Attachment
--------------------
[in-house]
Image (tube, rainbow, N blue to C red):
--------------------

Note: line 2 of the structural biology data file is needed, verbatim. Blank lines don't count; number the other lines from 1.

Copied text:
Image (tube, rainbow, N blue to C red):